Abbreviations

TME: 

Tumor microenvironment

Th1: 

Type 1 helper T cells

TILs: 

Tumor infiltrating lymphocytes

IL-2: 

Interleukin 2

IFNγ: 

Interferon gamma

MHC: 

Major histocompatibility complex

K+

Potassium ions

TCR: 

T cell receptor

Akt: 

AKT serine/threonine kinase also known as protein kinase B or PKB

mTOR: 

Mammalian target of rapamycin

PP2A: 

Protein phosphatase 2A

Treg

Regulatory T cells

Kv1.3: 

Voltage-gated potassium channel encoded in humans by the KCNA3 gene

KCa3.1: 

Calcium-activated potassium channel encoded in humans by the KCNN4 gene, also known as IK1 or Gardos channel

NF-AT: 

Nuclear factor of activated T cells

Ca2+

Calcium ions

CTLA-4: 

Cytotoxic T-lymphocyte associated protein 4

PD-1: 

Programmed cell death protein 1

Declarations

Acknowledgments

Per invitation from Dr. Pedro Romero, JITC Editor-in-Chief, and Dr. Christian Capitini, JITC Section Editor for Commentaries/Editorials.

Funding

Studies in the group of LC are supported by the National Institute of Health (R01CA95286) and pilot grants from the University of Cincinnati Cancer Institute.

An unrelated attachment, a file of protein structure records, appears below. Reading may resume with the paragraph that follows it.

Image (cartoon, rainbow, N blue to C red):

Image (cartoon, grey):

Availability of data and materials

Not applicable.

Authors’ contributions

The author read and approved the final manuscript.

Authors’ information

LC is a Professor at the University of Cincinnati, Department of Internal Medicine. She holds a joint appointment in the Department of Cellular and Molecular Physiology, University of Cincinnati.

Competing interests

The author declare that she has no competing interests.

Consent for publication

Not applicable.

Ethical approval and consent to participate

Not applicable.

Open AccessThis article is distributed under the terms of the Creative Commons Attribution 4.0 International License (http://creativecommons.org/licenses/by/4.0/), which permits unrestricted use, distribution, and reproduction in any medium, provided you give appropriate credit to the original author(s) and the source, provide a link to the Creative Commons license, and indicate if changes were made. The Creative Commons Public Domain Dedication waiver (http://creativecommons.org/publicdomain/zero/1.0/) applies to the data made available in this article, unless otherwise stated.

Authors’ Affiliations

(1)
Department of Internal Medicine, Division of Nephrology, University of Cincinnati

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Copyright

© The Author(s). 2017